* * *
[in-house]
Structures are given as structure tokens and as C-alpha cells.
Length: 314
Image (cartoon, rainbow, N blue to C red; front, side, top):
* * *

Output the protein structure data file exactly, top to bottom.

[in-house]
Structures are given as structure tokens and as C-alpha cells.
Length: 314
Image (cartoon, rainbow, N blue to C red; front, side, top):